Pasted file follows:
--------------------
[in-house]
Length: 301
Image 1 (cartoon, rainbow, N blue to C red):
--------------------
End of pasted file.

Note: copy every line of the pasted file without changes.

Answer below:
[in-house]
Length: 301
Image 1 (cartoon, rainbow, N blue to C red):